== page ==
October 4, 2013 at 8:40 am #12985patch87Participant
How much is importat to put attention when we eat? In Healt at every size there is and interesting chapter about this. If our absorbption is influenced by attention this mean that also our metabolism is influenced by the attention we give to food. Lack of minerals, or nutrients puts the metabolism in low motion…
In a very interesting study, researchers monitored the digestive processes of twenty-four healthy college students while they ate. They monitored them while eating before a film and then when they ate during a film. When they ate while watching the movie, activity in their digestive tract was reduced and their digestion was less effective overall. This result wasn’t too surprising. Research consistently finds that as much as 30 to 40 percent of your total physical response to a meal occurs during the ?cephalic phase of digestion,? which is just a fancy term for the time you spend seeing, smelling, and tasting your meal. This process initiates a wide range of digestive activities, including releasing saliva and digestive enzymes, sending blood to the digestive organs, and contracting the stomach and intestinal muscles. But as the above study shows, if you’re not paying attention to the food itself, this process doesn’t work as well. You don’t metabolize your food nearly as effectively and your body doesn’t get all the nutrients it needs, nor does it get the full range of chemical messages it needs to trigger stop-eating cues. You’re still getting the calories, however. Here’s another study to ponder if you’re not convinced of the value of attentiveness. Study participants first consumed a mineral drink under relaxing conditions.387 They completely absorbed two of those minerals, sodium and chloride. The same individuals were then exposed to stressful conditions’two people simultaneously talking to them, one in each ear?while consuming the drink. Their bodies completely shut down to assimilating the minerals. From 100 percent absorption to 0 percent! The simple act of inattention dramatically altered their ability to assimilate those nutrients.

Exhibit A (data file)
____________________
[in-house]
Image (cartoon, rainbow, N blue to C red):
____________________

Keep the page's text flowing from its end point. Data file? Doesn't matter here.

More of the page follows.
How often do you eat while watching television, driving, reading, etc. How are you ever going to feel satiety sensations or get the full range of nutrients contained in your food, if you’re chomping on that hamburger while negotiating a left turn in your car? So from now on, aim to be fully present for your meals. Eat with awareness. Turn off the TV, put away the newspaper, put on some soft music, set a nice table, and sit down to enjoy the food?even if it’s just a peanut butter and jelly sandwich!
Taken from “Health at every size” by Linda Bacon.
- This topic was modified 10 years, 2 months ago by patch87.
- You must be logged in to reply to this topic.